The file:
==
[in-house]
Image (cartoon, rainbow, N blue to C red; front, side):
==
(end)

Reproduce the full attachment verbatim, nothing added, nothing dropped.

[in-house]
Image (cartoon, rainbow, N blue to C red; front, side):